II

To ATTICUS (AT ATHENS)

ROME, JULY

I HAVE to inform you that on the day of the election of L. lulius Caesar and C. Marcius Figulus to the consulship, I had an addition to my family in the shape of a baby boy. Terentia doing well.

Why such a time without a letter from you? I have already written to you fully about my circumstances. At this present time I am considering whether to undertake the defence of my fellow candidate, Catiline. We have a jury to our minds with full consent of the prosecutor. I hope that if he is acquitted he will be more closely united with me in the conduct of our canvass; but if the result he otherwise I shall bear it with resignation. Your early return is of great importance to me, for there is a very strong idea prevailing that some intimate friends of yours, persons of high rank, will be opposed to my election. To win me their favour I see that I shall want you very much. Wherefore be sure to be in Rome in January, as you have agreed to be.

III

To CN. POMPESUS MAGNUS

ROME

M. Tullius Cicero, son of Marcus, greets Ca. Pompeius, son of Cneius, Imperator.

IF you and the army are well I shall be glad. From your official despatch I have, in common with everyone else, received the liveliest satisfaction; for you have given us that strong hope of peace, of which, in sole reliance on you, I was assuring everyone. But I must inform you that your old enemies--now posing as your friends--have received a stunning blow by this despatch, and, being disappointed in the high hopes they were entertaining, are thoroughly depressed. Though your private letter to me contained a somewhat slight expression of your affection, yet I can assure you it gave me pleasure: for there is nothing in which I habitually find greater satisfaction than in the consciousness of serving my friend; and if on any occasion I do not meet with an adequate return, I am not at all sorry to have the balance of kindness in my favour. Of this I feel no doubt--even if my extraordinary zeal in your behalf has failed to unite you to me--that the interests of the state will certainly effect a mutual attachment and coalition between us. To let you know, however, what I missed in your letter I will write with the candour which my own disposition and our common friendship demand. I did expect some congratulation in your letter on my achievements, for the sake at once of the ties between us and of the Republic. This I presume to have been omitted by you from a fear of hurting anyone's feelings. But let me tell you that what I did for the salvation of the country is approved by the judgment and testimony of the whole world. You are a much greater man that Africanus, but I am not much inferior to Laelius either; and when you come home you will recognize that I have acted with such prudence and spirit, that you will not now be ashamed of being coupled with me in politics as well as in private friendship.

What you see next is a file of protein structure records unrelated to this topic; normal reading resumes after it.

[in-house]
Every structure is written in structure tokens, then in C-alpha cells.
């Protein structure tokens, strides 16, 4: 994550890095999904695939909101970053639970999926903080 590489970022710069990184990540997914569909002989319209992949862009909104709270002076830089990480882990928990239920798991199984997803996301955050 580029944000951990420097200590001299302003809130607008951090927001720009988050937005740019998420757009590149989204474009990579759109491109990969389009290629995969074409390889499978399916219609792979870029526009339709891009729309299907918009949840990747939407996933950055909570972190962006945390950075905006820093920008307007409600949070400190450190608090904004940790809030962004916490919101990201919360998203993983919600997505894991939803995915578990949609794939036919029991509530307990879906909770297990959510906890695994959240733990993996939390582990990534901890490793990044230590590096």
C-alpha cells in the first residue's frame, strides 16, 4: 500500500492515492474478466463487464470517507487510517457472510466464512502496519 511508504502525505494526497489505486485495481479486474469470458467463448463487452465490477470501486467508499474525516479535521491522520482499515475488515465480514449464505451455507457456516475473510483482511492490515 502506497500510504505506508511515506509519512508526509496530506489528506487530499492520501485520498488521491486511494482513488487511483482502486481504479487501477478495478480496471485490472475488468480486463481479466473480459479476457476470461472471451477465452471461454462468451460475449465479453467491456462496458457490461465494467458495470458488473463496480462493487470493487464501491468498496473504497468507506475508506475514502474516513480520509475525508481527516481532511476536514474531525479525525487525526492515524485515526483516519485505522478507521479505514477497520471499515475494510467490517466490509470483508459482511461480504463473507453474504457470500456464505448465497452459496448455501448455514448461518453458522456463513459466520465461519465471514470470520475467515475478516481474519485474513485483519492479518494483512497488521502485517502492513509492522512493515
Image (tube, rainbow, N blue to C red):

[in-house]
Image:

IV (A I, 17)

To ATTICUS (IN ERIAUS)

ROME, 5 DECEMBER

Your letter, in which you inclose copies of his letters, has made me realize that my brother Quintus's feelings have undergone many alternations, and that his opinions and judgments have varied widely from time to time. This has not only caused me all the pain which my extreme affection for both of you was bound to bring, but it has also made me wonder what can have happened to cause my brother Quintus such deep offence, or such an extraordinary change of feeling. And yet I was already aware, as I saw that you also, when you took leave of me, were beginning to suspect, that there was some lurking dissatisfaction, that his feelings were wounded, and that certain unfriendly suspicions had sunk deep into his heart. On trying on several previous occasions, but more eagerly than ever after the allotment of his province, to assuage these feelings, I failed to discover on the one hand that the extent of his offence was so great as your letter indicates; but on the other I did not make as much progress in allaying it as I wished. However, I consoled myself with thinking that there would be no doubt of his seeing you at Dyrrachium, or somewhere in your part of the country: and, if that happened, I felt sure and fully persuaded that everything would be made smooth between you, not only by conversation and mutual explanation, but by the very sight of each other in such an interview. For I need not say in writing to you, who knows it quite well, how kind and sweet-tempered my brother is, as ready to forgive as he is sensitive in taking offence. But it most unfortunately happened that you did not see him anywhere. For the impression he had received from the artifices of others had more weight with him than duty or relationship, or the old affection so long existing between you, which ought to have been the strongest influence of all. And yet, as to where the blame for this misunderstanding resides, I can more